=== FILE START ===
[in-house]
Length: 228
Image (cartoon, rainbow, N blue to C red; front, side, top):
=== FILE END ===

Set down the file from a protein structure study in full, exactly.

[in-house]
Length: 228
Image (cartoon, rainbow, N blue to C red; front, side, top):